haggis

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English[edit]

Etymology[edit]

A whole haggis at a Burns supper
Haggis (top left) served with neeps and tatties (mashed swede and potatoes; bottom and top right)

From Late Middle English hagis (haggis), from hag, haggen (to chop, cut, hack; to cut into) (from Old Norse hǫggva (to hew)),[1] or from hakken (to chop, hack; to dice, mince) (from Old English hēawan (to chop, hew; to dice, mince)),[2] both ultimately from Proto-Indo-European *kewh₂- (to hew; to beat, strike; to forge).[3]

Pronunciation[edit]

Noun[edit]

haggis (countable and uncountable, plural haggises)

  1. A traditional Scottish dish made from minced sheep offal with oatmeal and spices, etc., originally boiled in the stomach of a sheep but now often in an artificial casing, and usually served with neeps and tatties (mashed swede and potatoes) and accompanied with whisky.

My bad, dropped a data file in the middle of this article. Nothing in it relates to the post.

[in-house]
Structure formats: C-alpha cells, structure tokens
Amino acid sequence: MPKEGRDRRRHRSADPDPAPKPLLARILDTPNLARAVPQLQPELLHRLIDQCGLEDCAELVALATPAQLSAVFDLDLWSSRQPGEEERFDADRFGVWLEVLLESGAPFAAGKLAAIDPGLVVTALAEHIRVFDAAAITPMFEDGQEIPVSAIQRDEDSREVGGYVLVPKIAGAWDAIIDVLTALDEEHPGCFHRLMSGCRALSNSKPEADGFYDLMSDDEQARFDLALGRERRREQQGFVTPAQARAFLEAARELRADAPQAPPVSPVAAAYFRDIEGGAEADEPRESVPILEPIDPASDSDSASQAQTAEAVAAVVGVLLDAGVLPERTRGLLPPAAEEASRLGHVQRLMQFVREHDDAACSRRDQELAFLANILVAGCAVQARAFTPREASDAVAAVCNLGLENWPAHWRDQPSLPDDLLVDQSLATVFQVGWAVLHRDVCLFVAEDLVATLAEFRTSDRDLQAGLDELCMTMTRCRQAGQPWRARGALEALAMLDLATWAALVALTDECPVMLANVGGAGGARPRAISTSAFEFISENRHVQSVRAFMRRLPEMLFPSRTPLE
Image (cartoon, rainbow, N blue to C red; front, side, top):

Translations[edit]

References[edit]

  1. ^ haggis” (US) / “haggis” (UK) in Oxford Dictionaries, Oxford University Press; “haggen, v.” in MED Online, Ann Arbor, Mich.: University of Michigan, 2007, retrieved 28 October 2017.
  2. ^ hakken, v.” in MED Online, Ann Arbor, Mich.: University of Michigan, 2007, retrieved 28 October 2017.
  3. ^ hagis, n.” in MED Online, Ann Arbor, Mich.: University of Michigan, 2007, retrieved 28 October 2017.

Further reading[edit]


French[edit]

Pronunciation[edit]

Noun[edit]

haggis m (plural haggis)

  1. haggis

Portuguese[edit]

Noun[edit]

haggis m (uncountable)

  1. haggis (Scottish dish made of minced offal and oatmeal)